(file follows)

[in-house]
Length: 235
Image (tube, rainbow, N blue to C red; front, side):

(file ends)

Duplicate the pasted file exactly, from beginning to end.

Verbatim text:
[in-house]
Length: 235
Image (tube, rainbow, N blue to C red; front, side):